Apple caused a bit of a stir this week. In an apparent change in its App Store policies, it hasbanned apps using social networking and other gamification techniques to promote other apps, websites, and content from within them. The Candy Crush game is the most notorious example of an app that uses its popularity to become a sales mechanism for other apps and content.
Apple wants apps and content to succeed on their own merits, not through aggressive house ads in popular titles. Developers say that with a more than a million apps in the iOS App Store, they need a way for users to find their other apps and the App Store is too crowded to accomplish that goal. The same goes for the smaller but still huge Google Play app store for Android.
I understand the developers' dilemma: There is an overwhelming number of apps in the iOS App Store and Google Play store, and it's a struggle for potential buyers to find them. But in truth, not enough apps are available -- that is, not enough good apps.
Bad apps, unnceessary apps, and me-too apps fill the app stores. In-store mechanisms like user ratings, Apple or Google editor recommendations, and popularity indexes can help, but they tend to reinforce the same set of core apps -- nothing succeeds like success. Newcomer apps rarely rise to buyers' attention. It often takes an app store editor or a buzz-generating review at a magazine or website for a newcomer to break out of the app pack.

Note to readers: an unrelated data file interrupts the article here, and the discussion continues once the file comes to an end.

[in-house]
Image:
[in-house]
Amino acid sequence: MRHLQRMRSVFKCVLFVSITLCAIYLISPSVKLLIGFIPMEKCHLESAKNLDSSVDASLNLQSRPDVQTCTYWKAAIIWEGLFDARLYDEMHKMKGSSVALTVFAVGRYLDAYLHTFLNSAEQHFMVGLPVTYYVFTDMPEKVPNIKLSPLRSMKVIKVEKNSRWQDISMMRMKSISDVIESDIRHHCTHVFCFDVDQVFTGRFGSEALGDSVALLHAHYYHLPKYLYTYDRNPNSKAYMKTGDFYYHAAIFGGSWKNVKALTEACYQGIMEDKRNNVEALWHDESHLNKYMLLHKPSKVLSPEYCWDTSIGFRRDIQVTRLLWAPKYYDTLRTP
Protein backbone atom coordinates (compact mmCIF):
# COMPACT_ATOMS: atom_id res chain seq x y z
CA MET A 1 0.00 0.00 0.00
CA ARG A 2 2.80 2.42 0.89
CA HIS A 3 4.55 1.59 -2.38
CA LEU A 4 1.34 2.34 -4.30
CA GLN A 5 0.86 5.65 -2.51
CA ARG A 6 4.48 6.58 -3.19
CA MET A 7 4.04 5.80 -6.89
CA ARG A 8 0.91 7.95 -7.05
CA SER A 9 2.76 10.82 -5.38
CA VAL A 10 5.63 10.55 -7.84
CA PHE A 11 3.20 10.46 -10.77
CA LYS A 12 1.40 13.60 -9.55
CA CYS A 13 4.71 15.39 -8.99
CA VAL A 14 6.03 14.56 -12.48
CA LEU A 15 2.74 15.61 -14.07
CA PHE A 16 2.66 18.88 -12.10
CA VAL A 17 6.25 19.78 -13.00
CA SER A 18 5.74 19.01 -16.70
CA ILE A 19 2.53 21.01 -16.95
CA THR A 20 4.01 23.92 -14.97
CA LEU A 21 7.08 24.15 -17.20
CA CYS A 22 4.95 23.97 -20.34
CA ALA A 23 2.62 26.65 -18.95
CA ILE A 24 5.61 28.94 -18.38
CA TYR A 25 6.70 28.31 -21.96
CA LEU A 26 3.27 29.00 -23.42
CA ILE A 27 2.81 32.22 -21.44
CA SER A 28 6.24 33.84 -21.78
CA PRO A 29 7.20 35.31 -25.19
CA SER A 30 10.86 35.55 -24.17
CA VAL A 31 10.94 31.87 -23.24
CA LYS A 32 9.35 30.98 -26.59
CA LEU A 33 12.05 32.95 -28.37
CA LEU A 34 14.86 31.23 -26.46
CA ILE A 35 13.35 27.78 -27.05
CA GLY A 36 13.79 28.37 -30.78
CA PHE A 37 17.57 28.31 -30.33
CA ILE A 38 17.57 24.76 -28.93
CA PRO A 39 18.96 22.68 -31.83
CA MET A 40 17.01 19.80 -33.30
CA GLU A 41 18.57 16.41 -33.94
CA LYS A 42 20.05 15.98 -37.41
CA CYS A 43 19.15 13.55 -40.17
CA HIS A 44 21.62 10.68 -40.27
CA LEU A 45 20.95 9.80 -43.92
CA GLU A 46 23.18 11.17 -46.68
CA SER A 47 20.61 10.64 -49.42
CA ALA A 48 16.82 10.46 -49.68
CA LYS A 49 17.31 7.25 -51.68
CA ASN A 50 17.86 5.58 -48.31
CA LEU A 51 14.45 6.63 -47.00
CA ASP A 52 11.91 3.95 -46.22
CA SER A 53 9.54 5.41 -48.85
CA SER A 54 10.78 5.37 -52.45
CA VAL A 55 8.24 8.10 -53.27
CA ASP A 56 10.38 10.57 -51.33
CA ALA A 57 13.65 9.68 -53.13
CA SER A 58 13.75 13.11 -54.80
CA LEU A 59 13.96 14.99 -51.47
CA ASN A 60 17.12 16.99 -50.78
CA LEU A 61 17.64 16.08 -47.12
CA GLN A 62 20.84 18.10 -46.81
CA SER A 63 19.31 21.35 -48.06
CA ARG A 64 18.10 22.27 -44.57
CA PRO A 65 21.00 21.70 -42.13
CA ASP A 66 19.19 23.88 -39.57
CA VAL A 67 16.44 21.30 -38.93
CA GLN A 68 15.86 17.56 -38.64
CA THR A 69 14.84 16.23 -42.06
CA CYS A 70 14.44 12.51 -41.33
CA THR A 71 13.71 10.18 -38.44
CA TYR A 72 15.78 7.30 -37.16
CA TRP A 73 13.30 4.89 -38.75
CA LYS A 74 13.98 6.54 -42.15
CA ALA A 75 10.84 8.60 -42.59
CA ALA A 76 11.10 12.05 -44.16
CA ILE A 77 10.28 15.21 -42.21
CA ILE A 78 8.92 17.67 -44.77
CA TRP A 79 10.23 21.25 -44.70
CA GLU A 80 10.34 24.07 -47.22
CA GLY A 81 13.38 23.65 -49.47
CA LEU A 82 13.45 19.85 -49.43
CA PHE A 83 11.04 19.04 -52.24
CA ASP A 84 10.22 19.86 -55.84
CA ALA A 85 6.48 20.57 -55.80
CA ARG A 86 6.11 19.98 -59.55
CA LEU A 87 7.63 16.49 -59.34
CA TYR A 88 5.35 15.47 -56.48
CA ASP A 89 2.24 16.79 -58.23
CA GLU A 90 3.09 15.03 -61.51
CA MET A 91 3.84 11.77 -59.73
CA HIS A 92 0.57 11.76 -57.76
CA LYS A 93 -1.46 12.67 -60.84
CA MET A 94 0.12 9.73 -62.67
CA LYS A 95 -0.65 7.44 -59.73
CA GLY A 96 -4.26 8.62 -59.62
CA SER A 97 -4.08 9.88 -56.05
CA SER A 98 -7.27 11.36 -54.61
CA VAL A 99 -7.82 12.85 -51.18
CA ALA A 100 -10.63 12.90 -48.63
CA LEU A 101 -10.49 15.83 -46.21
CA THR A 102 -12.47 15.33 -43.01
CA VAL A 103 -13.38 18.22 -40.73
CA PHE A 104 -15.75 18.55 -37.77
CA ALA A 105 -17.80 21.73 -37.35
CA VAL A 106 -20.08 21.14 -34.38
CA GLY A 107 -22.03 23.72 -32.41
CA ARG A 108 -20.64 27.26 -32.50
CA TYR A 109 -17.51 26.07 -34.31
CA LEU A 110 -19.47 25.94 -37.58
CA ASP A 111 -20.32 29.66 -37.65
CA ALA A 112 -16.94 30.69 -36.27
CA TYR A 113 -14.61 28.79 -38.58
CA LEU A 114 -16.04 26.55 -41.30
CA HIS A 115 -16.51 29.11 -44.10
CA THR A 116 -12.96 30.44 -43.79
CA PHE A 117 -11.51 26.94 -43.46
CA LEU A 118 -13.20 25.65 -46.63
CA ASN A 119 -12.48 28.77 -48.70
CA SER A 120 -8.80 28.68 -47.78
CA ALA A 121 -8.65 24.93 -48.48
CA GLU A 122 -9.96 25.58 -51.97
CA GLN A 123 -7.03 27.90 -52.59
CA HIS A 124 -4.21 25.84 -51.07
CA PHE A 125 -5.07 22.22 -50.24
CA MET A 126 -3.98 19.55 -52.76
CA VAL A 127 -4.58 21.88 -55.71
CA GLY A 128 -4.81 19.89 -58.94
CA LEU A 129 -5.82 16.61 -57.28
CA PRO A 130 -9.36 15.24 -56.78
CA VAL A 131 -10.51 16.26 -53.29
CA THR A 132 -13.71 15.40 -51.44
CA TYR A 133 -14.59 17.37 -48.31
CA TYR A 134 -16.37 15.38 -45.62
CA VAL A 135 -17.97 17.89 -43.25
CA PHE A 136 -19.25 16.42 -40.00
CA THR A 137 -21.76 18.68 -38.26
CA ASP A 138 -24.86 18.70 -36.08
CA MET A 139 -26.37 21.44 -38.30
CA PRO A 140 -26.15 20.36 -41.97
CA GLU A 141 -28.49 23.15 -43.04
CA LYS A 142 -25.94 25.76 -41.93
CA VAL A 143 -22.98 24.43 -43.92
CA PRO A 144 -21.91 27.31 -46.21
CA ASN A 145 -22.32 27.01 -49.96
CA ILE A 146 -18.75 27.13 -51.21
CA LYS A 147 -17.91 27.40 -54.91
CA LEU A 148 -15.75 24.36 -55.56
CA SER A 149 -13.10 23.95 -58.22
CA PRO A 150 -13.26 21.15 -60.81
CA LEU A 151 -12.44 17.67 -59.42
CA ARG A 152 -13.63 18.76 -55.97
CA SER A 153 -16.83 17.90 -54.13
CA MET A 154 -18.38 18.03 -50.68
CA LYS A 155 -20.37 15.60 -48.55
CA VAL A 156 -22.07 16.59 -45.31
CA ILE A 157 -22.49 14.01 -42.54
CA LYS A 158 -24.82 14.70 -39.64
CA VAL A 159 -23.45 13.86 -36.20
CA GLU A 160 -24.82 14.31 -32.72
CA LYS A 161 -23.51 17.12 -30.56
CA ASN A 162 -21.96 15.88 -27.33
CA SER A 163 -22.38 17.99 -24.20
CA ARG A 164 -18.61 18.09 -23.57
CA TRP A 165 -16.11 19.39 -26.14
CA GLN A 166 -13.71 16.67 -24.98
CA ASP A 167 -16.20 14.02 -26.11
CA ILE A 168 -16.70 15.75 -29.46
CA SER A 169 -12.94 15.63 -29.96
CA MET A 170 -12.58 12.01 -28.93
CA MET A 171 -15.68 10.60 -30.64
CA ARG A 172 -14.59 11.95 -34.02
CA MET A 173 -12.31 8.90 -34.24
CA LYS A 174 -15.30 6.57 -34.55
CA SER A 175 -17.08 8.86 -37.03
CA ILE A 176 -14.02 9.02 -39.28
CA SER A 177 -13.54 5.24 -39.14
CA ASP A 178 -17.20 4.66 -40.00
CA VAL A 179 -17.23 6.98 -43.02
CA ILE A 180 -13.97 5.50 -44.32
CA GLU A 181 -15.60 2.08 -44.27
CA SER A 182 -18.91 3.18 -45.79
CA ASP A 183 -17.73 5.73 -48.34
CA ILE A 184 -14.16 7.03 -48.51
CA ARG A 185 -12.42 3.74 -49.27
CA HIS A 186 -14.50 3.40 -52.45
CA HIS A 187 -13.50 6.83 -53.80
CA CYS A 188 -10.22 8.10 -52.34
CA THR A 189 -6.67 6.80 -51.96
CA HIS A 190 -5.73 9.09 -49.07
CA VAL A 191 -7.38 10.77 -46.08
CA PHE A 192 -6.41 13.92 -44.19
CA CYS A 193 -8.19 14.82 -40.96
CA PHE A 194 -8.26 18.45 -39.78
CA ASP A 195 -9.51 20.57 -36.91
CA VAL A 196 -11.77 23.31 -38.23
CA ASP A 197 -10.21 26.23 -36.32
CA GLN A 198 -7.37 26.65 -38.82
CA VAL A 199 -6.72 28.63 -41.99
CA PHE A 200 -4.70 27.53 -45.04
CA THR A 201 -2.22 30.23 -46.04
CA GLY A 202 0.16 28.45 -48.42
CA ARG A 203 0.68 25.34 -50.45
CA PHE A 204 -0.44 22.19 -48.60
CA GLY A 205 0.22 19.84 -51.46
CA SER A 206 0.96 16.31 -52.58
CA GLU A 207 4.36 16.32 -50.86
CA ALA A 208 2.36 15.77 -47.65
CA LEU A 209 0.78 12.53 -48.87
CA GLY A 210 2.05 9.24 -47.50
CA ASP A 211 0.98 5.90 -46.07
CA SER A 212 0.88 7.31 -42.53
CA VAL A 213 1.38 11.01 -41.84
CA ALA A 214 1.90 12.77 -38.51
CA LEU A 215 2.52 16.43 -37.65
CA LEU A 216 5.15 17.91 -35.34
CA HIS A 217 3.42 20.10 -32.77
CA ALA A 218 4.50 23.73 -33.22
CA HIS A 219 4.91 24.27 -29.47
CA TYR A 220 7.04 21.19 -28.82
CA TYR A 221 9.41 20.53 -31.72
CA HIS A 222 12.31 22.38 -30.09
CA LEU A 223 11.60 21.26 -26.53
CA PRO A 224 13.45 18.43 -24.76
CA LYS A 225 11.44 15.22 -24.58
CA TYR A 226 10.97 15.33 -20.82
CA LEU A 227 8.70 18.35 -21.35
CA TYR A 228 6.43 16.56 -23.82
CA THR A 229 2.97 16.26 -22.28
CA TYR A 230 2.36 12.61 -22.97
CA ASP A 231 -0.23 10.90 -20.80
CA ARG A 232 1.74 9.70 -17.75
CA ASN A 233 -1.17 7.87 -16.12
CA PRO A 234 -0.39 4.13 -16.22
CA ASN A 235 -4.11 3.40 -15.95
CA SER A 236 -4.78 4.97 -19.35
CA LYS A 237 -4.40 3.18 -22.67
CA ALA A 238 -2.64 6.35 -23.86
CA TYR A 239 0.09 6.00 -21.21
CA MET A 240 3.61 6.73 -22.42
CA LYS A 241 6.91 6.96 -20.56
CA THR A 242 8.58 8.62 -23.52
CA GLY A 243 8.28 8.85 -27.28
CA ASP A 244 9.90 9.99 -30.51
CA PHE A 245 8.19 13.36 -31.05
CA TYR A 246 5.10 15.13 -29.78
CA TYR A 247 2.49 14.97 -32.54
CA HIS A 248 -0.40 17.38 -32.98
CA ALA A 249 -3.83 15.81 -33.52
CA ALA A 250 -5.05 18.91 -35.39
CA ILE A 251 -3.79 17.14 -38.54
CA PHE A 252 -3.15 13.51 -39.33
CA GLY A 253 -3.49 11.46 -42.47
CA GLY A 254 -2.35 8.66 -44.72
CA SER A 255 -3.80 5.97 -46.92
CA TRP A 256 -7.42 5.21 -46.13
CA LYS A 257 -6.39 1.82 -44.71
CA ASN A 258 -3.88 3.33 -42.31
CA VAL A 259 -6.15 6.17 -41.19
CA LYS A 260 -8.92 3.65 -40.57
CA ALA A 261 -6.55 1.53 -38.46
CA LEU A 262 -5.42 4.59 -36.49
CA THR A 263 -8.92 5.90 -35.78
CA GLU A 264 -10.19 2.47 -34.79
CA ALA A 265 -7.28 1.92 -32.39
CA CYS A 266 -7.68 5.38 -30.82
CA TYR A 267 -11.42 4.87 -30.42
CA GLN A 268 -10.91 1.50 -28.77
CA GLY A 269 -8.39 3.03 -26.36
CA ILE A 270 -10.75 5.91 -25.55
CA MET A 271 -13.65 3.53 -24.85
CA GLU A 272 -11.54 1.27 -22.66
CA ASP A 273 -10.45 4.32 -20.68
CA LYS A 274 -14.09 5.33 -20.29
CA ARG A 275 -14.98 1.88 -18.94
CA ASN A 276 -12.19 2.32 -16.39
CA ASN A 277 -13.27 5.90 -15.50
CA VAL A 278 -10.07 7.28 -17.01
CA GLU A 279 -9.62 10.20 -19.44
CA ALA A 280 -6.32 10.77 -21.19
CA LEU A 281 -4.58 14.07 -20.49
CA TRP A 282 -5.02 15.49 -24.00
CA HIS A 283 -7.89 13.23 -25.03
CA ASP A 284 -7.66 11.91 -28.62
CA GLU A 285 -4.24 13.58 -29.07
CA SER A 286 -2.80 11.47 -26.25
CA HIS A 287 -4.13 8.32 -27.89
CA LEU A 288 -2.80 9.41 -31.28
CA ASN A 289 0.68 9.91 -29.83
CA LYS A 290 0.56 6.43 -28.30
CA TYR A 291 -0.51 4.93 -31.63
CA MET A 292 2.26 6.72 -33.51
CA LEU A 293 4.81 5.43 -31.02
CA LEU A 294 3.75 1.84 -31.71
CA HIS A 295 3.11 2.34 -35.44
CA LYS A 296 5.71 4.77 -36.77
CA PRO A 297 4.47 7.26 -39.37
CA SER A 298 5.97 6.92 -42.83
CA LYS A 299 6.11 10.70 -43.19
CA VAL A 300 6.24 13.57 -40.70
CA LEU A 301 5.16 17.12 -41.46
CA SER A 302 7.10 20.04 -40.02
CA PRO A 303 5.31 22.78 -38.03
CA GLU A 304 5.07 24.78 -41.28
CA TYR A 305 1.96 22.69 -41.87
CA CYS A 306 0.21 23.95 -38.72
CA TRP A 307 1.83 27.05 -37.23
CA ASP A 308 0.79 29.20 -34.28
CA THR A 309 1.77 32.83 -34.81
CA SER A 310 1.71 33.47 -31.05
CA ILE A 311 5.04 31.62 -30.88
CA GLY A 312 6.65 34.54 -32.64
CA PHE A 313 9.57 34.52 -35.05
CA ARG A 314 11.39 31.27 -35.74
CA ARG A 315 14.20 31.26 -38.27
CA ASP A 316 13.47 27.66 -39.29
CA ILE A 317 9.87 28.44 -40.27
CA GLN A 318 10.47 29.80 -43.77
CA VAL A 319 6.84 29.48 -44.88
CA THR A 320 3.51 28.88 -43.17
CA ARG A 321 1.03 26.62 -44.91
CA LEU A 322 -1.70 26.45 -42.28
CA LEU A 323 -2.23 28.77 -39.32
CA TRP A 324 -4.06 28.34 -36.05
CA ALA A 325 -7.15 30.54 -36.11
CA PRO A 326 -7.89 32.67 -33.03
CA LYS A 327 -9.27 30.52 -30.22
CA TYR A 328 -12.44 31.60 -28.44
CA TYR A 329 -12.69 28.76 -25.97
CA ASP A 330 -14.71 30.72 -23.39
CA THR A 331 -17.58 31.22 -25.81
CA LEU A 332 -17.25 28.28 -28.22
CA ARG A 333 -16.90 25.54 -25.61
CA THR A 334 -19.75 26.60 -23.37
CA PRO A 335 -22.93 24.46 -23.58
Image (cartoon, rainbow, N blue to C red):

That's because, as I said, there are not too many apps, but too few good apps. Many amazing apps are available for iOS in all sorts of categories, from productivity to photography, but few new ones seem to reach that stature. In the Android world, there are fewer amazing apps to choose from and even fewer new compelling titles coming on board.
Instead, we get dozens of me-too apps. For example, how many email client apps basically replicate the native functions of iOS or Android and add a trivial feature like social-networking lookup? About a dozen, which is way too many. Multiply this me-too effect of marginal-improvement apps by all the app categories, and you can see why most go nowhere.
Of course, me-too apps are easier to create -- it's simply easier to copy than create. Often there's room for a couple apps that do essentially the same thing but differ on soft factors like user experience, which matter to people. But if a handful of such choices are already available, developers should move on to another idea rather than pile on with more of the same.
Sign up for CIO Asia eNewsletters.